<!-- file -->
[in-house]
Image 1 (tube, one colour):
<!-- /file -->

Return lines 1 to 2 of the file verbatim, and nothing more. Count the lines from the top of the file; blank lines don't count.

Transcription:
[in-house]
Image 1 (tube, one colour):